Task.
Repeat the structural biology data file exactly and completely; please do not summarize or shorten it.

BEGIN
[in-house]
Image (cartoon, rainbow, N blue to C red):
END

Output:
[in-house]
Image (cartoon, rainbow, N blue to C red):